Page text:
Eight incorporated municipalities in Garrett County have public water systems from surface water and groundwater, while the remaining properties in the county have private wells. Private wells are concentrated most heavily around McHenry, Grantsville and Oakland, according to the DNR.  In all, 14,264 private wells are in the county, including 8,250 wells on top of land that at one point was leased for Marcellus Shale. (Not all of the leases remain in effect.)

Mizeur insisted that the loss of a private well to one family is a “gigantic disruption. They don’t have water to bathe in or drink.” And their property is worthless, Commissioner Paul Roberts said. He again argued for the 2,000-foot setback — a buffer federal regulators granted to Dominion Transmission Inc. when it sought to protect its Sabinsville Storage Pool in Pennsylvania from nearby fracking.  He says the state has no justification for the 1,000-foot setback and shouldn’t be in a position of “disregard[ing] evidence offered by the industry itself about the risks of drilling too close to resources that demand protection.”

Kupfer insisted there “clearly is a difference” between a private well and a source for public water. The setbacks are based on a risk-benefit calculation, and “That’s just reality,” he said.

Roberts, a farmer and winery owner, wanted to include in the regulations a cap on levels of disturbance to the land. The draft BMPs include a 2 percent cap only in high-value watersheds. “If there is not a limit set on the total amount of development, [the BMPs are] only asserting a methodical pace to industrialization,” he said. “If we don’t set limits on the industrialization, the county will cease to be rural.”

Commissioner Nick Weber of Trout Unlimited said even the 2 percent disturbance would be “devastating” near trout streams.

The Eshleman report says strong BMPs can limit land disturbance to “less than 1 – 2 percent.” It recommends minimizing the number and density of well pads, because the “infrastructure will likely be in place for at least a 30-year period before final reclamation.”

“I hope someone is doing the math,” Roberts said a few days after the meeting. A 2-percent cap “would be an outrageously high rate of development in a high-value watershed.”

Kupfer questioned a sentence in the draft that calls for initial drilling areas to be “removed from sensitive natural resource values.”  Christine Conn of DNR said the idea is to drill in “less sensitive areas” first to reduce “unintended impacts.”

Weber, though, said “I don’t know what is less needed for less-sensitive wells than for more-sensitive wells.”

Brigid Kenney of MDE said the state doesn’t intend to be “less protective” in any area, but “if we make a mistake, and something goes wrong, we will have time to correct [that] if what goes wrong is not in the most sensitive place.”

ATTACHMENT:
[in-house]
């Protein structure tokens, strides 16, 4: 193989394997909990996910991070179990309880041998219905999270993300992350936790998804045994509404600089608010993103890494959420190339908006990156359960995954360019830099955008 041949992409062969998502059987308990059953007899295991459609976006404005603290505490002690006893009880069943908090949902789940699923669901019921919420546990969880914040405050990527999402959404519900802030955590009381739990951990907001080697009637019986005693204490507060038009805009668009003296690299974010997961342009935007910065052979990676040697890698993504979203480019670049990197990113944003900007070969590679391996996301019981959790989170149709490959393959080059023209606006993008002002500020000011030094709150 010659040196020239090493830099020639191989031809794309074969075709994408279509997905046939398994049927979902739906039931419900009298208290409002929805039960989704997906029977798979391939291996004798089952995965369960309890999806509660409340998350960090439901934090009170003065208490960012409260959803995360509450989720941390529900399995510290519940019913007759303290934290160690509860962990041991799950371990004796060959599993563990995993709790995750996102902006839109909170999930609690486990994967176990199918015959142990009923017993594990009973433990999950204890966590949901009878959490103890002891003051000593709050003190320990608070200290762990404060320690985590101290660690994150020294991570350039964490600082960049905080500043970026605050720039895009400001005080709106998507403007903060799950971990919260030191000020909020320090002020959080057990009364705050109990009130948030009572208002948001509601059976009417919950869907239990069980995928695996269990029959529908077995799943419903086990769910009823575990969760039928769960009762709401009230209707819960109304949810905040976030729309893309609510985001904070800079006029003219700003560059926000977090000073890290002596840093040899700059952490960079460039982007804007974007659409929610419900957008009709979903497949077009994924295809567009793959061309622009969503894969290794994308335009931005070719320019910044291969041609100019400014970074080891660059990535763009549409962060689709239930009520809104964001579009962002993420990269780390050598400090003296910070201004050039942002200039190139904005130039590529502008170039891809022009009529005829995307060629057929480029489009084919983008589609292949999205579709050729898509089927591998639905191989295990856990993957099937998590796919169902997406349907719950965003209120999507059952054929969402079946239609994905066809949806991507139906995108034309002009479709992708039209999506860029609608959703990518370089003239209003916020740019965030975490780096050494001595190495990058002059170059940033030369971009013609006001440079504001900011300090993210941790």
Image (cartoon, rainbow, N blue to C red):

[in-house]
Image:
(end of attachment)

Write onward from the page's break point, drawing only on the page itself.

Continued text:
Chairman David Vanko, for not the first time, suggested an airplane analogy: One wouldn’t fly a new plane over Manhattan, he said.  At a previous meeting, he has said the goal is to make fracking in Maryland as safe as the airline industry. Which seems overly optimistic. And beside the point, because airline travel is not compulsory, while living next to drilling will be if fracking goes forward.

Commissioner Harry Weiss, an attorney in fracked Pennsylvania, heralded the proposed Comprehensive Gas Drilling Plans (CGDP). “I don’t know whether industry will buy into this,” he said, “[but] to the extent this survives…what we are seeing is a revolution in this field…[that is] designed to give Maryland the most protective program in the nation.” He said he is “skeptical that it will fly, in that companies will squawk,” but if Maryland turns the BMPs into strong regulations, “Maryland will have the best…environmental protection program for shale gas development.”

Kupfer said he remained dissatisfied with state’s plan to require CGDPs. “I think saying one has the most protective [regulations] is not necessarily the most desirable in itself.” The state could have the most protective plan but then no gas development. “I think it’s highly unlikely that any company will go through this process,” he said. The CGDPs involve “too many moving pieces,” and the “resources involved for uncertain outcome would not be worth it.”

Last year, Garrett County closed two elementary schools rather than raise property taxes. Assessments had yielded $2 million less in revenue than the previous year, and even a last-minute $500,000 addition from the Board of Commissioners wasn’t enough.  George Edwards, who is a member of the shale advisory commission, a state senator in Garrett since 2007 and a long-time delegate, has mentioned the budget gap and the school closings as a rationale for fracking. He anticipates and welcomes what he predicts will be an economic boost from this industry. But this solution – fracking for a fossil fuel – seems unimaginative and counterproductive, as it puts those very schoolchildren in the middle of an industrial zone (borehole setback from occupied building: 1,000 feet), jeopardizing their health, their rural and majestic surroundings, and even their climate. Fracking also threatens to crack the economic bedrock of the region’s tourism economy so dependent on scenic byways and wild rivers.  If Garrett is to “save” its schools in this manner, officials should at least rename them to honor their benefactor. How’s this: Chevron Elementary. And Fracking Elementary.

–by elisabeth hoffman


The Youghiogheny Overlook from I-68 might some day offer a view of drilling rigs.